“There’s not enough hours in the day.”
Virtually every small business owner and entrepreneur laments that there’s not enough time to complete everything we have to do. So, we stay up late, get up early. We try to gain extra hours by cheating our sleep. But we may be cheating ourselves and our businesses.
Because, it turns out, getting a good night’s sleep may be a secret to small business success.
But most of us don’t think so. “I only need four hours of sleep,” we boast. We view sleep as something optional. But in reality, fewer than five percent of people can perform well on only a few hours of sleep a night. For the rest of us, we need seven to eight hours each and every night.
After all, every day, entrepreneurs and small business owners need to be able to think clearly. We make decisions and solve problems, deal with people, be creative. We need the energy to put in a full day’s work. All this requires sleep, and enough of it.
“What we have discovered is that high-level brain regions required for complex judgments and decisions become blunted by a lack of sleep,” said Matthew Walker, quoted in the newsletter SciTechDaily. Walker, who heads the Sleep and Neuroimaging Laboratory at the University of California, Berkeley, explained that sleep acts as a storage function for all the information we gather during the day, clearing the way for us to start learning and processing new information.
Recent studies indicate that a lack of sufficient nightly sleep is correlated with:
- Impaired short-term memory
- Impaired decision-making
- Decreased creativity
- Weakened immune system and greater susceptibility to illness
- Increased likelihood of developing Alzheimer’s
- Increased likelihood of developing cardiovascular disease
When we don’t sleep enough, we suffer. And our businesses suffer along with us.
As difficult as it is to get enough sleep when you’re in your regular routine, it’s much harder when you’re traveling. You may be in a different time zone; you eat at irregular hours; you’re in unfamiliar surroundings.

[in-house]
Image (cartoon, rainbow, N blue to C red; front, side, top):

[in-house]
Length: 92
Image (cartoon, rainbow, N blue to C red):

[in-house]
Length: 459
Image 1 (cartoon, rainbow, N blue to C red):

One hotel is trying to address this problem head-on—through using science.
“If you’re on a business trip, you want to be at your best,” said Fiona Harris, International Director of Public Relations for Corinthia Hotels. “That night’s sleep is the most important thing in determining whether you’ll have a great day. So we said let’s put science behind this.”
The Corinthia made improving the quality of their guests’ sleep a major company initiative. Working with sleep expert, Dr. Guy Meadows, head of the UK’s “Sleep School,” and nutritionist Jeannette Hyde, they identified key components of good sleep. They even created a “Sleep Retreat” at their London property—including special menus, massage, optional one-on-one sleep consultations with Dr. Meadows.
You don’t have to go to London to apply some of the techniques to get better sleep and be on your game when running your business. Here are some tips to improving your sleep:
- Eat protein at every meal. One surprising thing Corinthia’s Harris discovered is that a lack of protein is often associated with sleep problems.
- Eat foods rich in the amino acid tryptophan, especially during the last meal of the day. Tryptophan increases the production of the sleep hormone melatonin. (Turkey, for example, is high in tryptophan, and it’s one reason we’re all sleepy after Thanksgiving dinner.)
- Forget that nightcap. Unless it’s warm milk, that is. A nice shot of brandy may make you drowsy, but impairs sleep quality. The Corinthia serves warm milk and a pumpkinseed cookie (which is high in tryptophan) at bedtime.
- Stop using blue-light emitting devices early in the evening. Electronic devices, such as smartphones, computers, ereaders reduce melatonin, decreasing sleep quality.
- Establish a regular bedtime routine. Go to bed at a certain time, read a physical (not electronic) book, and then turn out the lights.
- Exercise—early in the day. Getting enough exercise helps you sleep well, but not if it’s done at night.
It’s tough to convince yourself that going to bed early and getting a full—and good—night’s sleep is critical to your small business success. But science shows it is.
Copyright, Rhonda Abrams, 2015
This article originally ran in USA Today on April 10, 2015